STD Quarterly

More than 1 in 4 teens binge drink, CDC says

Be sure to include questions on alcohol consumption during adolescent screenings. Why? Results of a new analysis of national data from the Centers for Disease Control and Prevention (CDC) show that more than one in four U.S. teens and young adults admit they are binge drinkers.1

Binge drinking is defined as having four or more drinks for women and five or more drinks for men. The numbers vary because men and women metabolize alcohol differently.

"Binge drinking is a very large health and social problem" and one that has gone largely unnoticed, said CDC director Thomas Frieden, MD, in a press statement. "Most people who binge drink are not alcoholics. It may be because binge drinking has not been recognized as a problem [that] it has not decreased in the past 15 years."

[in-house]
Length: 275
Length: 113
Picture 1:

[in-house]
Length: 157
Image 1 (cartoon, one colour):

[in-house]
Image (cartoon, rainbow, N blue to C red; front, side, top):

Binge drinkers put themselves and others at risk for HIV transmission and sexually transmitted diseases, unplanned pregnancy, alcohol-related car accidents, and violence, according to the CDC.

Reference

  1. Centers for Disease Control and Prevention. Vital signs: binge drinking among high school students and adults — United States, 2009. MMWR 2010;59:1274-1279.